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Planning and section 36 consents are a devolved matter and we do not propose to change that. But let
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me repeat that the Scottish nationalists, who tell us that they want more renewables, object to wind farm applications—perhaps more than anyone else—every time they come along. One Minister in the Scottish Executive Administration opposes installation of the power line that would carry the electricity from the wind farms down to where it is consumed. The nationalists cannot go on saying no to nuclear generation and no to renewables: that is the way to switch off the lights.

Miss Julie Kirkbride (Bromsgrove) (Con): Can we assume from the answer that the Secretary of State gave the hon. Member for East Lothian (Anne Moffat) that if any new nuclear power stations are recommissioned in the United Kingdom, they will definitely be in England rather than Scotland as a result of the devolutionary process?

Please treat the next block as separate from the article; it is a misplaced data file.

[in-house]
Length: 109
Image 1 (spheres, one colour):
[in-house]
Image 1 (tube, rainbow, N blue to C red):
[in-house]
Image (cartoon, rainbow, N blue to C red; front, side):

Mr. Darling: No. All nuclear power stations will be decommissioned at some stage. Scotland has two nuclear power stations, due to be decommissioned in 2011 and, I believe, 2023. Torness was the second last nuclear power station to be built in this country, Sizewell being the last. My point was that the nationalists’ position seemed rather contradictory, and I think that the Conservatives north of the border agree.

Mr. Gordon Prentice (Pendle) (Lab): Does the White Paper give any illustrative figures for the true cost of nuclear generation, including the costs of future decommissioning and radioactive waste management? Is it not a complete fantasy that the private sector will build new power stations without assurances that the Government will step in if things go wrong?

Mr. Darling: I can see that my hon. Friend has yet to be persuaded of my argument. The answer is yes: the White Paper goes into the costs at some length, and makes it absolutely clear that the industry will have to take account of the costs of decommissioning and long-term storage.